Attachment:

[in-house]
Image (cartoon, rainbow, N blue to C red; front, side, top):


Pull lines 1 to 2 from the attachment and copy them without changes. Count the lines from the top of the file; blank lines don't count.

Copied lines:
[in-house]
Image (cartoon, rainbow, N blue to C red; front, side, top):